Clearing a path
Can international pressure stop Bolsonaro’s trampling of the Amazon?
Arms outstretched, thumbs pointed skyward, far-right populist Jair Bolsonaro was the vision of optimism in October 2018. During a divided time for Brazil’s young democracy, his victory appeased those tired of socialist policies and the deprivations of Brazil’s longest recession. But Bolsonaro’s victory would also leave the Amazon open to four years of industrial pressure. In 2020, Amazonian deforestation hit the worst level in a decade.
In 2009, Brazil signed its National Policy on Climate Change, committing to reducing deforestation rates in Amazonia by 80 per cent by the end of 2020. To succeed, forest losses would have to stay below 3,925 square kilometres. However, PRODES, a programme that continually monitors the Amazon with satellites, estimates that 2020 saw 11,088 square kilometres of deforestation – 182 per cent higher than the target established in law. The failure is the inevitable result of Bolsonaro’s axing of environmental regulations. On gaining power, his first target was the land ownership laws of the Forest Code. The president added a loophole in December 2019 that allowed land speculators to use past deforestation, much of which was illegal, to register their occupation of public lands. The administration said the bill would make it easier for small rural families to register land occupation. However, conservation publication Mongabay estimates that the policy led to the secession of 40–60 million hectares of public land to private landowners in 2019, a fifth of which can now be legally deforested.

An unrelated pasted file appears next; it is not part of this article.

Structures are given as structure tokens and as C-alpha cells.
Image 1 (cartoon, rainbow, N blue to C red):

Next, Bolsonaro revoked a decree that halted the expansion of sugarcane into sensitive areas such as the Pantanal wetlands and Amazonia. He also announced in mid-2019 that the agriculture ministry database would no longer be publicly available, hampering independent investigations.
Meanwhile, IBAMA – the administrative arm of Brazil’s Ministry of the Environment – has been systematically neutered. Between August 2019 and July 2020, the number of fines imposed by IBAMA dropped by 42 per
6 . Geographical